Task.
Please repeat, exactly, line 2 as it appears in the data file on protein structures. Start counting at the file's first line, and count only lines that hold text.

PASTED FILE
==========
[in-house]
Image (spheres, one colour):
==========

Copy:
Image (spheres, one colour):